Just in time for everybody’s favorite day to get scared, David Mitchell has churned out a novel that is dark, thrilling, and fun.
Mitchell is best known as the author of Cloud Atlas and last year’s The Bone Clocks.While Cloud Atlas remains a must-read for many enthusiasts (despite a horrible film adaptation) because of its ambitious scope, cleverness, and story, last year’s Bone Clocks read more like a facsimile of a Mitchell epic. It also left some wondering whether Mitchell had lost his way.
Fear not, because while Slade House is short (238 pages) and tightly focused, it is not the heaving disappointment that Bone Clocks was.
The novel gets its name from a mansion in downtown London belonging to soul-sucking immortal twins, Norah and Jonah. It can only be accessed by an alleyway entrance that opens every nine years to let in another victim. The attacks, five in total, make up the chapters. The victims are all people with something called “psychovoltage” and are put through a trippy elaborate ruse in the mansion before getting their souls sucked. It seems that in Mitchell’s mind, a soul is only tenderized and ready to be consumed once the person has truly been screwed with.
Slade House is a sequel of sorts to Bone Clocks, and since all the books are connected, to Cloud Atlas as well. It is not filled with the meditations on the human condition found in Cloud Atlas, but perhaps that is why it’s more enjoyable than Bone Clocks was—it is uncluttered and straightforward.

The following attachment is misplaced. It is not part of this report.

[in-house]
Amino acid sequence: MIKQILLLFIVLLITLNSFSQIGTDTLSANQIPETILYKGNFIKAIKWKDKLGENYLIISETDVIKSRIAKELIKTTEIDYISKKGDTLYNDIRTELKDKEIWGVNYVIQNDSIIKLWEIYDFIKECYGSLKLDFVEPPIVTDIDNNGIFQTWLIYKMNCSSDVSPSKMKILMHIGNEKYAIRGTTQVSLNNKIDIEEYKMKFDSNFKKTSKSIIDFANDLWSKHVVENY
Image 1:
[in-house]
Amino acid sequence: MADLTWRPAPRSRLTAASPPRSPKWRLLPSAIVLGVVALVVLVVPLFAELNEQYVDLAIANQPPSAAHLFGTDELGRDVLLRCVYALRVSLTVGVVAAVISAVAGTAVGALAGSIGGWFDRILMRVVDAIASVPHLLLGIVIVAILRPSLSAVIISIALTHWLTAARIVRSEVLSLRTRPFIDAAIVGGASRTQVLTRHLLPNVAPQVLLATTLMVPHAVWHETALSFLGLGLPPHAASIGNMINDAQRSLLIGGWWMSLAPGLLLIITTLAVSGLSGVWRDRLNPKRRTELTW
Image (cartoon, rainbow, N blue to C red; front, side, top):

It is also filled with Mitchell’s wit, particularly when the victims he conjures up have their weaknesses preyed upon. The son of a social-climbing mother, a pompous cop, college students interested in the supernatural, and a journalist all see themselves built up and broken down word by word.
Slade House is also a reminder that for all his complexity, the dexterity of his writing, and his wit, the world of David Mitchell is very much good and evil. The novel sees the return of the Horologists, the magically gifted group of people who have decided to protect the world from those like Norah and Jonah.
One needn’t have read any of Mitchell’s past books to enjoy Slade House. Those who do crack it open will find inside a thoroughly entertaining ride full of mind games, unexpected twists, and even a few laughs.
But it should be said that for those who are expecting something that is both as aspirational and entertaining as Cloud Atlas, Slade House will likely only leave you wanting.